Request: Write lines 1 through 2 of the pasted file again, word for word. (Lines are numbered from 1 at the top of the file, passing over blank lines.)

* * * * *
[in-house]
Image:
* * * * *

[in-house]
Image: